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16 Facts About Versailles Treaty
Versailles Treaty was comprehensive and complex in the restrictions imposed upon the post-war German armed forces.
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Treaty of Versailles was an important step in the status of the British Dominions under international law.
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Versailles Treaty lost his position as prime minister just a week before the treaty was scheduled to be signed, effectively ending his active political career.
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Versailles Treaty's promised share of German reparations never materialized, and a seat she coveted on the executive council of the new League of Nations went instead to Spain—which had remained neutral in the war.
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Versailles Treaty represented a chance to overturn this imposed inferiority, whose tensions were strengthened particularly in Japan's relationship with the United States during WW1.
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British military historian Correlli Barnett claimed that the Treaty of Versailles was "extremely lenient in comparison with the peace terms that Germany herself, when she was expecting to win the war, had had in mind to impose on the Allies".
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Finally, Evans argued that it is untrue that Versailles Treaty caused the premature end of the Republic, instead contending that it was the Great Depression of the early 1930s that put an end to German democracy.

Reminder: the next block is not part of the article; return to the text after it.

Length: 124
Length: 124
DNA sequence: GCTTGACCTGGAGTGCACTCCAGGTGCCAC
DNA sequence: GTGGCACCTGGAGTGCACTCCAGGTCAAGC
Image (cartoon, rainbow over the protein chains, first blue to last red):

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Versailles Treaty argued that Versailles was not the "main cause" of National Socialism and the German economy was "only marginally influenced by the impact of reparations".
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German historian Detlev Peukert wrote that Versailles Treaty was far from the impossible peace that most Germans claimed it was during the interwar period, and though not without flaws was actually quite reasonable to Germany.
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Rather, Peukert argued that it was widely believed in Germany that Versailles was a totally unreasonable treaty, and it was this "perception" rather than the "reality" of the Versailles treaty that mattered.
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Treaty of Versailles resulted in the creation of several thousand miles of new boundaries, with maps playing a central role in the negotiations at Paris.
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Versailles Treaty ignored any possibility of there being a third way: the kind of compact represented by the Swiss Federation; a bilingual or even trilingual Schleswig-Holsteinian state" or other options such as "a Schleswigian state in a loose confederation with Denmark or Germany, or an autonomous region under the protection of the League of Nations.
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